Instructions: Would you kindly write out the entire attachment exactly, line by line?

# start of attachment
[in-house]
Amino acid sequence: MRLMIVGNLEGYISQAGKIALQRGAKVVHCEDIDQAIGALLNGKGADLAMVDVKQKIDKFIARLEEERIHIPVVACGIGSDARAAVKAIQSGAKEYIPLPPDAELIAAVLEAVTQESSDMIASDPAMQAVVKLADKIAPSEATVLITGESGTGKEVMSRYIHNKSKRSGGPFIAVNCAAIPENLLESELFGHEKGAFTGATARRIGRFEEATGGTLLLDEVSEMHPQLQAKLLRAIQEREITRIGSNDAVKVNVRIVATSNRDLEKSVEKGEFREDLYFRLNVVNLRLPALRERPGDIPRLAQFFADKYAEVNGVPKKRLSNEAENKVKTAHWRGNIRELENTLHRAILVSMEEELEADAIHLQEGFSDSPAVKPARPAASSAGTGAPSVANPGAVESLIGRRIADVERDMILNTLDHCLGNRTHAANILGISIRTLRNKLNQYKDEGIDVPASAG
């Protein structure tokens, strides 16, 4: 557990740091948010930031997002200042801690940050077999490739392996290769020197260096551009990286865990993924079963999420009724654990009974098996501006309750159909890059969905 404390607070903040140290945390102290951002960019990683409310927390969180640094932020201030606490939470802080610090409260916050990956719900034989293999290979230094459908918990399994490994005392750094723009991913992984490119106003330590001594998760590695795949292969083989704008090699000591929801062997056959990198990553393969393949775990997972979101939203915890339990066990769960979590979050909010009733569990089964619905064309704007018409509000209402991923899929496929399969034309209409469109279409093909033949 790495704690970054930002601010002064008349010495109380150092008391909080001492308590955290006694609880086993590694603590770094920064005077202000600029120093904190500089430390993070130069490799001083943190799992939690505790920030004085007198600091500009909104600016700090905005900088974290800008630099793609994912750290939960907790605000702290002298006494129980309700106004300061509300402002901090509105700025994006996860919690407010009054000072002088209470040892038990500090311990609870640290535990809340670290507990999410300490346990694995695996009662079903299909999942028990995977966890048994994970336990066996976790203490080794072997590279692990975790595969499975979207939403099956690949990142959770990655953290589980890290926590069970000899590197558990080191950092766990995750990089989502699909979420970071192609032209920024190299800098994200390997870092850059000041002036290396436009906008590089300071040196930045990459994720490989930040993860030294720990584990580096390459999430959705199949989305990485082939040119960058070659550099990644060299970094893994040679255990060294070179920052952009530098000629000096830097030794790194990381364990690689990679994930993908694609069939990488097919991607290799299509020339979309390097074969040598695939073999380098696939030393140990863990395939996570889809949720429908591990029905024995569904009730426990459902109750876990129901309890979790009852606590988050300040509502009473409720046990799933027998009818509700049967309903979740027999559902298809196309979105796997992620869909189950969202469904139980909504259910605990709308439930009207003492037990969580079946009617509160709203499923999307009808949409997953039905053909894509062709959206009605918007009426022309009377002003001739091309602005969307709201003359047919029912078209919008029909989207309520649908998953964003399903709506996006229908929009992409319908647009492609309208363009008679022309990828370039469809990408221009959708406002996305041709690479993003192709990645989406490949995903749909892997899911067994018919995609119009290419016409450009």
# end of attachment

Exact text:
[in-house]
Amino acid sequence: MRLMIVGNLEGYISQAGKIALQRGAKVVHCEDIDQAIGALLNGKGADLAMVDVKQKIDKFIARLEEERIHIPVVACGIGSDARAAVKAIQSGAKEYIPLPPDAELIAAVLEAVTQESSDMIASDPAMQAVVKLADKIAPSEATVLITGESGTGKEVMSRYIHNKSKRSGGPFIAVNCAAIPENLLESELFGHEKGAFTGATARRIGRFEEATGGTLLLDEVSEMHPQLQAKLLRAIQEREITRIGSNDAVKVNVRIVATSNRDLEKSVEKGEFREDLYFRLNVVNLRLPALRERPGDIPRLAQFFADKYAEVNGVPKKRLSNEAENKVKTAHWRGNIRELENTLHRAILVSMEEELEADAIHLQEGFSDSPAVKPARPAASSAGTGAPSVANPGAVESLIGRRIADVERDMILNTLDHCLGNRTHAANILGISIRTLRNKLNQYKDEGIDVPASAG
């Protein structure tokens, strides 16, 4: 557990740091948010930031997002200042801690940050077999490739392996290769020197260096551009990286865990993924079963999420009724654990009974098996501006309750159909890059969905 404390607070903040140290945390102290951002960019990683409310927390969180640094932020201030606490939470802080610090409260916050990956719900034989293999290979230094459908918990399994490994005392750094723009991913992984490119106003330590001594998760590695795949292969083989704008090699000591929801062997056959990198990553393969393949775990997972979101939203915890339990066990769960979590979050909010009733569990089964619905064309704007018409509000209402991923899929496929399969034309209409469109279409093909033949 790495704690970054930002601010002064008349010495109380150092008391909080001492308590955290006694609880086993590694603590770094920064005077202000600029120093904190500089430390993070130069490799001083943190799992939690505790920030004085007198600091500009909104600016700090905005900088974290800008630099793609994912750290939960907790605000702290002298006494129980309700106004300061509300402002901090509105700025994006996860919690407010009054000072002088209470040892038990500090311990609870640290535990809340670290507990999410300490346990694995695996009662079903299909999942028990995977966890048994994970336990066996976790203490080794072997590279692990975790595969499975979207939403099956690949990142959770990655953290589980890290926590069970000899590197558990080191950092766990995750990089989502699909979420970071192609032209920024190299800098994200390997870092850059000041002036290396436009906008590089300071040196930045990459994720490989930040993860030294720990584990580096390459999430959705199949989305990485082939040119960058070659550099990644060299970094893994040679255990060294070179920052952009530098000629000096830097030794790194990381364990690689990679994930993908694609069939990488097919991607290799299509020339979309390097074969040598695939073999380098696939030393140990863990395939996570889809949720429908591990029905024995569904009730426990459902109750876990129901309890979790009852606590988050300040509502009473409720046990799933027998009818509700049967309903979740027999559902298809196309979105796997992620869909189950969202469904139980909504259910605990709308439930009207003492037990969580079946009617509160709203499923999307009808949409997953039905053909894509062709959206009605918007009426022309009377002003001739091309602005969307709201003359047919029912078209919008029909989207309520649908998953964003399903709506996006229908929009992409319908647009492609309208363009008679022309990828370039469809990408221009959708406002996305041709690479993003192709990645989406490949995903749909892997899911067994018919995609119009290419016409450009």